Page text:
Wednesday June 15
Logan Rd. west toward Satterly Hill Rd., Schuyler County
Hike report by Jim
Twelve hikers and one dog met on Logan Rd. to hike west on the FLT to Satterly Hill Rd. and beyond.
It was a warm, sunny day with clear skies as the group set out. We plunged into the tall grass concealing the footpath along the roadside and were soon crossing the first open field, its uneven surface hidden beneath the scraggly grasses. The trees concealed the blazes along the route, but soon we located the turn into the cooler forest.
We made our way through the woods, the undergrowth doing its best to hide the footpath but never succeeding too well. We reached the wooden bridge, which never fails to elicit comments from someone in the group about the construction. Wednesday was no different.
Soon we were climbing the hills. By the time we reached the old vineyards the trail was nicely mowed, making the climb much more enjoyable.
Coming out onto Satterly Hill Rd., the group discovered that we were easily 20 minutes ahead of our turnaround time. After stopping to admire the views across the valley, we returned to the FLT and continued westward until we literally ran out of maintained footpath.
Turning around, we found our way back to Satterly Hill Rd., crossed over that road and began the long descent back to our cars. Along the way we stopped to check out some additional views from that slope that we had missed on the outbound uphill climb. We arrived back at our cars at the two-hour mark.
Other than some other day hikers we met on Satterly Hill Rd., we had the trail to ourselves the entire time.
A warm welcome to Lee, on his first hike with the group!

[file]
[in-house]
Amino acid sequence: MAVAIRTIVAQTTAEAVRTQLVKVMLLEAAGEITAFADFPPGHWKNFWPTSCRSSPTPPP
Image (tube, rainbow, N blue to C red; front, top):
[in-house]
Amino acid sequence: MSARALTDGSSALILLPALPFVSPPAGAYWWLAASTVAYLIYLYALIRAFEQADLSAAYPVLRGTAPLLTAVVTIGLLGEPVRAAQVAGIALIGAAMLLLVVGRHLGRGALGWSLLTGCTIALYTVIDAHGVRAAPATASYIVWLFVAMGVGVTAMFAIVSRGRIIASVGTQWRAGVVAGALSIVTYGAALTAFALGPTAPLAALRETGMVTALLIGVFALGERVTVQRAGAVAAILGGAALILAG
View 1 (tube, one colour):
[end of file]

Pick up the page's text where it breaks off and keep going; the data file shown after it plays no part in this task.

For those earning their FLT60 patch , today’s hike counted as 3.8 FLT miles toward that goal.
Photos by Nancy H.
Saturday June 18
Hammond Hill State Forest from Star Stanton Rd., Dryden
Hike report by Jim
Seventeen hikers and two dogs met on Star Stanton Rd. for a hike of the green and yellow trails on Hammond Hill, primarily located on the north side of Star Stanton Rd.
Ithaca Hikers hadn’t recently hiked the green trails, and never in combination with the yellow-blazed trails, since I have been leading the group. With that in mind, I had a rough idea of the first half of the hike but left the route for the second half incomplete, so we’d have several route options, depending on our overall hiking speed.
The weather loomed somewhat ominously, and some arriving hikers reported driving through mist and rain en route to the hike. The wind was whipping through the trees and a light rain was intermittently failing. Overall, a much different type of weather than what we had experienced this week up through the previous day. I was quite happy at the turnout we had despite the weather!
We headed down Star Stanton Rd, turning into the woods at the green-blazed trailhead. We haven’t hiked this section of the state forest in a long while, and the change of scenery was welcome. There aren’t many overly long uphill portions, and the trail in general travels through some nice wooded sections of the state forest. Despite the somewhat gloomy conditions, it was a visually enjoyable section of forest.
As we hiked the winding green trails the rain volume picked up. I hardly noticed the rain; it seemed that the forest canopy provided shelter.
Other than a single runner and a couple of bicyclists along our route, we had the forest to ourselves.